A debenture is a long-term debt instrument issued by the company under its common seal to the debenture holder. A loan raised by a firm is divided into numerous parts, wherein each part is called a debenture. It shows the indebtedness of the company. Therefore, the capital raised by the company is the borrowed capital. Hence, debenture holders are the company’s creditors. Further, they are freely transferable.
A debenture is a certificate that the borrowing company issues to the debentureholder indicating the amount lent by him. In simple words, the certificate or document is nothing but an acknowledgement of debt, plus it is a formal promise to repay the given sum along with interest on or before the date prescribed. The certificate is issued under a common seal. It is serially numbered.
They do not carry voting rights. There is a fixed rate of interest paid to the debenture holders every year. The interest is paid to the holders periodically till maturity.
Characteristics of Debentures
- It is a creditorship security.
- It represents borrowed capital.
- Interest is paid yearly, even when the company does not profit. If interest and borrowed funds are not paid to the debenture holders on a timely basis, they can take legal action against the company.
- Debentures do not carry any voting rights.
- Debentures are repayable after a specific period of maturity or when the company goes for liquidation.
Types of Debentures
- Secured Debentures
- Unsecured Debentures
- Convertible Debentures
- Non-convertible Debentures
- Registered Debentures
- Bearer Debentures
Also Read: Difference Between Bonds and Debentures
Key Differences Between Shares and Debentures
- Shareholders are the owners of the share units of the company, whereas debenture holders are creditors of the company. A share is a part of the company’s owned capital. On the other hand, debenture is a part of a company’s borrowed capital.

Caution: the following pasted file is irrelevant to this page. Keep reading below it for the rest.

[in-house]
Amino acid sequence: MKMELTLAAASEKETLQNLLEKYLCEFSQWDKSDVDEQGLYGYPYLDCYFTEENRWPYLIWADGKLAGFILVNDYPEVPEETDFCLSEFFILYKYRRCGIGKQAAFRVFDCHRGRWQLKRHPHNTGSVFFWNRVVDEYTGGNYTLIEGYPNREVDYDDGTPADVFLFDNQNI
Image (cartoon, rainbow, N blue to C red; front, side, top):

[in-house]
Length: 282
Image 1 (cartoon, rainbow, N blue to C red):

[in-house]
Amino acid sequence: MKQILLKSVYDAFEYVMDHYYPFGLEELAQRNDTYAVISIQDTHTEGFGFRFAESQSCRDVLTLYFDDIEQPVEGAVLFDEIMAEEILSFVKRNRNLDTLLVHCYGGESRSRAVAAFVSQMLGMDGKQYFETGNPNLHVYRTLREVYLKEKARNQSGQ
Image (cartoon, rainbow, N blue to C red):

- The dividend is paid to shareholders as a return. However, it is paid only when the company earns profits. As against, interest is paid to the debenture holder, no matter if the company earns a profit or not.
- The dividend of the company varies with the amount of profit earned by the company. In contrast, the rate of interest on debentures is fixed, and it is not dependent on the profits earned. So, it is regular.
- The company issues shares without any mortgage or charge against the company’s property. However, debentures are usually issued against the security of specific assets like stock or debtors. One should note that debentures can be unsecured while a share is generally secured.
- In case of winding up of the company, shareholders have residual rights. On the other hand, debenture holders have the first right to the company’s assets after paying off dues and employee liabilities.
- As a matter of right, the holder cannot claim a dividend. On the contrary, as a matter of right, the holder can claim interest.
- Shares carry voting rights, and they have the right to participate in the company’s management. Conversely, debentures do not carry voting rights. Also, they cannot participate in the company’s management.
- Share capital is refundable only when the company goes into liquidation. As against, the company can refund the amount of debentures even before the winding up of the company. It must be repaid as per the terms of the issue. The company cannot repay redeemable preference shares without formality.
- Repayment to debenture holders takes place first; thereafter, repayment of capital to shareholders takes place. Sharecapital is repaid after settlement of the claims of debentureholders and creditors.
- Conversion of debentures into shares is possible in the case of convertible debentures. However, it is not possible to convert shares into debentures.
- Interest paid to debenture holders is tax deductible from profits after charging income tax. However, the dividend is not tax deductible.
- A trust deed is not executed in the case of shares. In contrast, a trust deed is executed when the debentures are issued to the public.
- Shares are issued at a discount, subject to some legal compliance. Debentures can be issued at a discount without any legal compliance.
Video: Shares Vs Debentures
- Both are Financial assets.
- company issues shares and debentures to public.
- Source of raising money for the company.
- They can be issued at a discount.
Above all, share capital appears under ‘ shareholder’s fund’ on the equity and liabilities side of the Balance Sheet. Conversely, debentures appear under long-term borrowings, under the head ‘Non-Current Liabilities’ in the equity and liabilities side of the balance sheet.